Category: Business / Strategic Thinking, 191 pages.

Short Summary: Peter Block writes about the danger of How? questions and why we have to start with Why questions. Since How? questions are concerned with methods and techniques, they will always push us towards what's practical and feasible in our minds. Peter doesn't say How? questions have no purpose, but instead says they need to be answered with Yes, so that we are free to ask the more important Why? questions.

Why? questions cause us to examine our goals, vision, and values, to make sure that we are headed in the right direction. Asking Why? questions cause us to pursue difficult and risky lives, trusting that the How? questions will get answered along the way. If we don't ask Why? questions first, our lives and businesses will be full of busyness, but we won't accomplish the truly purposeful.

Why I Love this book: This book is a giant wake up call for anyone stuck in the routine and pragmatism of every day life. It takes these two questions and shows how they change so much about how your life and career will turn out. I love big picture thinking, and this book helped me to re-chart my life direction away from simple goals towards more meaningful ones. 

Favorite Quotes:

My premise is that this culture, and we as members of it, have yielded too easily to what is doable and practical and popular. In the process we have sacrificed the pursuit of what is in our hearts. We find ourselves giving in to our doubts, and settling for what we know how to do, or can soon learn how to do, instead of pursuing what most matters to us and living with the adventure and anxiety that this requires.

We often avoid the question of whether something is worth doing by going straight to the question "How do we do it?"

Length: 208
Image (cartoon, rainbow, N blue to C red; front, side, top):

Taken in isolation, and asked in the right context, all How? questions are valid. But when they become the primary questions, the controlling questions, or the defining questions, they create a world where operational attention drives out the human spirit. 

We might put aside our wish for safety and instead view our life as a purpose-filled experiment whose intention is more for learning than achieving and more for relationship than for power, speed, or efficiency.

The question How? declares that we, as a culture, and I as a human being, are fundamentally about getting things done. What will matter most to us, upon deeper reflection, is the quality of experience we create in the world, not the quantity of results.

When we ask how to do something, it expresses our bias for what is practical, concrete, and immediately useful, often at the expense of our values and idealism.

Yes is the answer--if not the antithesis--to How? Yes expresses our willingness to claim our freedom and use it to discover the real meaning of commitment, which is to say Yes to causes that make no clear offer of a return, to say Yes when we do not have the mastery, or the methodology, to know how to get where we want to go.


Shadow of the Almighty, by Elisabeth Elliot

Category: Christianity / Missions / Biography

Short Summary: This book is a biography of Jim Elliot, a Christian missionary who went to Ecuador in 1956 to evangelize the Auca Indians. After several years of working with the local people, they killed Jim and the other four American men serving as missionaries. The book, written by Jim's wife, Elisabeth Elliot, uses Jim's journal entries and letters to let the reader experience some of his dynamic walk with God. 

Why I Love This Book: Jim Elliot was an incredible man who sought to pursue God with his whole heart. I love for book for how it challenges me in my complacency, and encourages me to spend more time focusing on eternal things. Jim's thoughts always breathe life into my Christian faith, and spur me on to live a deeper and more Christ-centered life.